The most comprehensive book on whole plant ecology was by Lange, Nobel, Osmond and Ziegler in the Encyclopaedia of Plant Physiology, Part Physiological Plant Ecology, vols. 12A-D (Springer, 1982). Despite being published 20 years ago it is still a landmark in providing understanding of whole plant ecology. The textbook by W. Larcher Ecophysiology of Plants (Springer 4th ed. 2003) and Lambers and Chapin: Plant Physiological Ecology (Springer, 1998) are recommended for further reading.
The thermal relations of plants deal with the balance of radiation energy. Only slightly more than 1% of the incident solar energy is used for photosynthetic metabolism. The remainder of the energy (about 700-1000 Wm"2 at full sun light near the ground) has to be released again because the plant is fixed at the site and absorbs short-wave radiation dependent on its albedo (reflectivity). The energy balance can only be regulated by release of heat to the surrounding air (sensible heat) or by evaporation of water (latent heat). The flow of heat into the soil is too slow to regulate the thermal balance in a leaf or plant organ, with rapidly changing incident radiation. The temperature of organs (particu
Formation of ice on the branches of beech. Formation of ice crystals is due to freezing of super-cooled water from clouds onto the surface of the vegetation. The "ice beard" grows against the direction of the wind (hoar frost) and can reach such a volume that the crown of the tree may break (ice damage). In contrast to this, rime is composed of ice crystals which are formed from vapour. Soiling IBP Beech-area B1. Photograph E.-D. Schulze larly of leaves and flowers) or the temperature of surfaces (stems, flowers) results from the energy balance. The temperature must be kept within certain physiological limits, to avoid damage, and energy balance must be regulated by the plant in such a way that damaging temperatures do not occur, even for short periods. Moreover, the temperature should rather be within the range of the physiological optimum of metabolic processes, which could be above or below the general temperature of the habitat. Plants are able to influence their organ temperatures over a wide range. For example, in the inflorescences of the Araceae, temperatures of ca. 17 K greater than the ambient air are produced via cyanide-resistant electron transport in respiration in order to entice pollinators. In arid climates leaf temperatures may be ca. 17 K below the ambient temperature because of evaporation, thus avoiding heat damage. The temperature of the plant thus is a result of the energy balance and is connected within a certain range to edaphic and climatic conditions.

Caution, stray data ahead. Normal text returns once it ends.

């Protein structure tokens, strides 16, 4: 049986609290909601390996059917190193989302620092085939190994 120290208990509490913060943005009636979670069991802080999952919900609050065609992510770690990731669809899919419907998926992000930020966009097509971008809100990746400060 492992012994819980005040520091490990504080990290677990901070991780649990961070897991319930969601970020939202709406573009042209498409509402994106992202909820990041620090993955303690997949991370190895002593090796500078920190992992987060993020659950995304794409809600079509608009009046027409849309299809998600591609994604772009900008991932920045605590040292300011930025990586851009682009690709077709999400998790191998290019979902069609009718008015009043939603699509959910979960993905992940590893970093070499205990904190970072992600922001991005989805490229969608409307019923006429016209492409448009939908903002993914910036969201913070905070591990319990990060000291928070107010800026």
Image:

In the following, the atmosphere and air layers near the ground will be considered as part of the habitat followed by the analysis of the energy balance of a leaf and its effects on plant responses. Ecophysiological responses of plants at extreme temperatures were discussed in Chapter 1.3.
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